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Seeking Attorneys’ Fees Under the Patent Act? Early and Clear Notice of an Opposing Party’s Deficient Litigation Conduct Is a Prerequisite for a Successful Motion

The Federal Circuit recently issued a precedential decision in Stone Basket Innovations, LLC v. Cook Medical LLC, No. 2017-2330 that has important ramifications for litigants seeking attorneys’ fees under Section 285 of the Patent Act.

Section 285 authorizes a court to award reasonable attorneys’ fees to the prevailing party in “exceptional cases.”  In Octane Fitness, LLC v. ICON Health & Fitness, Inc., 134 S. Ct. 1749 (2014), the Supreme Court defined an “exceptional case” as one that “stands out from others with respect to the substantive strength of a party’s litigating position . . . or the unreasonable manner in which the case was litigated.”  Under Highmark Inc. v. Allcare Health Mgmt. Sys., Inc., 134 S. Ct. 1744 (2014), district courts are to apply a “totality of the circumstances” test to determine whether a case is exceptional.

Stone Basket’s case started life as a run-of-the-mill patent infringement suit filed in the US District Court for the Eastern District of Texas in April 2015.  Defendant Cook Medical served its invalidity contentions in October 2015 and subsequently deposed the inventor in January 2016. The inventor testified that he “realize[d] there [wa]s nothing novel about” the “sheath movement element” added to the claim to overcome an examiner rejection.  Cook Medical then petitioned the US Patent and Trademark Office for inter partes review in March 2016.  Shortly thereafter, the court transferred the case to the US District Court for the Southern District of Indiana.  The parties filed a joint motion to stay the proceedings in April 2016, which the district court granted.

The PTO instituted an IPR on all claims of the asserted patent in September 2016, which prompted one of Stone Basket’s managing members to offer Cook Medical a license in exchange for $150,000.  Negotiations broke down and in December 2016, Stone Basket filed a motion requesting adverse judgment in the IPR proceeding.  The PTO granted the adverse judgment and cancelled all claims.

Following cancellation, the district court granted Stone Basket’s motion to dismiss the infringement suit with prejudice.  Cook Medical subsequently sought attorneys’ fees.  The district court denied the fee application because it determined the case was not “exceptional” under 35 USC § 285.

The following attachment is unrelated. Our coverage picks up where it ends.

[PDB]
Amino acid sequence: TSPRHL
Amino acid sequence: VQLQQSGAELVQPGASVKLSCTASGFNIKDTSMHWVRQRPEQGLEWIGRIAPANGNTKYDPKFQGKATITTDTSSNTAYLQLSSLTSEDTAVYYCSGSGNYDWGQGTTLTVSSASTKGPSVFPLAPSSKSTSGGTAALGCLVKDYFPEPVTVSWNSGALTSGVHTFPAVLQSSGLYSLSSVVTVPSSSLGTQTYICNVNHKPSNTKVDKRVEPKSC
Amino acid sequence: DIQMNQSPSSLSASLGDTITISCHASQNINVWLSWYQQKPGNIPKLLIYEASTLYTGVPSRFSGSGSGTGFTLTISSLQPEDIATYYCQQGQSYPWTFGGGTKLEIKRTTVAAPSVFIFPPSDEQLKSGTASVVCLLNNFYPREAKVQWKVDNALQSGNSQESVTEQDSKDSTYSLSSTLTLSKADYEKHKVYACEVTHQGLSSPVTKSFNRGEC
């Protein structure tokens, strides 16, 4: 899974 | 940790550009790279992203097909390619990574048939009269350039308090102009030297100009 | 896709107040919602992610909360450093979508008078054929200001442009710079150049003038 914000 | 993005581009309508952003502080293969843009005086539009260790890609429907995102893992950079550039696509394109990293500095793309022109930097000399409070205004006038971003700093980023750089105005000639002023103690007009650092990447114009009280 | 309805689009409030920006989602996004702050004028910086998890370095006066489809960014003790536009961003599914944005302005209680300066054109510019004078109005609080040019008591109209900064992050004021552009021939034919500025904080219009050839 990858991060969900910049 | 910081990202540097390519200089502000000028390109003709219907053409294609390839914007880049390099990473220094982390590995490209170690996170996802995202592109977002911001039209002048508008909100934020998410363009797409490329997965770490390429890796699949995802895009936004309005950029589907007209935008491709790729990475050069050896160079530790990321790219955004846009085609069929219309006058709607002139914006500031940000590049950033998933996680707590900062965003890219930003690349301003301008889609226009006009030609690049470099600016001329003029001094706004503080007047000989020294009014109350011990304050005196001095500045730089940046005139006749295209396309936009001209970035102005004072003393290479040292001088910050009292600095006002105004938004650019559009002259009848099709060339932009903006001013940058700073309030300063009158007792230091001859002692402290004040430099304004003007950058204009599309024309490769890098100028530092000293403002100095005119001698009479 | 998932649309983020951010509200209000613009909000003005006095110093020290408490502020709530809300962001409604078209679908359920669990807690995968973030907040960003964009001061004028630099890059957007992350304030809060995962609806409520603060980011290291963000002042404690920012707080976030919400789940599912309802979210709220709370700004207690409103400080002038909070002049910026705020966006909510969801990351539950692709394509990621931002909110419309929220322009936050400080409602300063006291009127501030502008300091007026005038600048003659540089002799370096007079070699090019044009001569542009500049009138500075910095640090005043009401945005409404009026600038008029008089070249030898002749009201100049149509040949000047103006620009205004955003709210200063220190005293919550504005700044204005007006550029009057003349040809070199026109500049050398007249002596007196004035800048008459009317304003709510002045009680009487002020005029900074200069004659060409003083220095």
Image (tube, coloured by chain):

Addressing the issue of the substantive strength of Stone Basket’s non-prevailing litigation position, the Federal Circuit found that the district court did not abuse its discretion in finding that the evidence Cook Medical submitted—invalidity contentions and inventor testimony—did not, taken alone or in combination, warrant a finding of exceptionality.

Describing Cook Medical’s invalidity contentions as “inconsistent and unilluminating,” the Federal Circuit observed that the invalidity contentions failed to provide “clear notice” of invalidity.  While Cook Medical focused on the obviousness of the asserted patent over a prior art reference (the “Leslie reference”), the Federal Circuit explained that the contentions fell short of notifying Stone Basket how the Leslie reference renders the asserted patent obvious or even that Stone Basket should conduct a focused investigation on whether the Leslie reference, in particular, renders the asserted patent obvious.  The Leslie reference Stone Basket championed, moreover, was listed on the face of the patent and Stone Basket failed to overcome the presumption that the examiner considered the reference.  As such, the Federal Circuit explained that Stone Basket, having been issued a valid patent, was entitled to a presumption of good faith in asserting its patent rights against Cook Medical.